Cord blood samples were collected during delivery for 59 participants in order to be tested for pollutants. After delivery, a subsample of 41 women agreed and were able to provide a human milk sample. Human milk sampling was performed at the participants’ homes, between 3 and 8 weeks postpartum, based on the “Guidelines for Organization, Sampling and Analysis of Human Milk on Persistent Organic Pollutants” [29]. Next, 30 mL were collected by hand expression into a sterilized glass jar. The sample was stored in the refrigerator at 4 degrees for no more than 3 days if needed and was eventually stored at −20 degrees until analysis. During the milk collection phase, follow-up questions were added including use of tap water.
The chemical analyses were performed at the accredited Lebanese reference laboratories “Industrial Research Institute” (IRI)—Eurolab Lebanon (accredited by ANAB, USA, for ISO 17025 (testing and calibration) and ISO 17020 (inspection) and member of the International Accreditation Forum (IAF) and International Laboratory Accreditation Cooperation (ILAC), European federation of National Associations of Measurements, testing and Analytical Laboratories (EUROLAB)).
All participants signed an informed consent prior to participation. This work was approved by the ethics committee of Saint Joseph University of Beirut (CEHDF 969), in addition to the collaborating hospitals and gynecologists. All procedures performed were in accordance with the 1964 Helsinki declaration and its later amendments or comparable ethical standards.

2.2. Toxicant Analysis in Serum and Milk

The following PFAS were quantified: perfluorohexanesulphonic acid (PFHXS), perfluoroheptanoic acid (PFHpA), perfluorooctanoic acid (PFOA), perfluorononanoic acid (PFNA), perfluorodecanoic acid (PFDA) and perflucorooctane sulfonic acid (PFOS). These specific PFAS congeners were quantified due to their toxicological importance, as stated by the Stockholm Convention [9] and major toxicological entities, namely the “Agency for Toxic Substances and Disease Registry” (ATSDR) [4] and the “Environmental Protection Agency” (EPA) [30]. These congeners are long-chain PFAS known for being extremely persistent and toxic, as well as for their bioaccumulation potential [31]. Key entities have been working towards the phase out of their production and use [32]. They are widely tested in international studies, and have been associated with a number of health effects, namely increases in serum lipids and pregnancy-induced hypertension and/or pre-eclampsia [4].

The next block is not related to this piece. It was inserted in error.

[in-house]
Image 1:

2.2.1. Principle

To quantitatively detect PFASs, we used an online solid phase extraction coupled to high performance liquid chromatography-turbo ion spray ionization-tandem mass spectrometry (online SPE-HPLC-TIS-MS/MS).
After dilution with formic acid, we injected one aliquot of 50 μL of serum (and, accordingly, 50 μL of human milk) into a commercial column switching system, allowing for the concentration of the analytes on a solid-phase extraction column. Separation of the analytes from each other and from other serum components (accordingly milk components) was achieved with high-performance liquid chromatography. Detection and quantification were done using negative-ion electrospray ionization and tandem mass spectrometry. This method allowed for rapid detection of these PFASs in human serum and milk with limits of detection in the low parts per billion (ppb or ng/mL) range.

2.2.2. Reagents, Solutions and Materials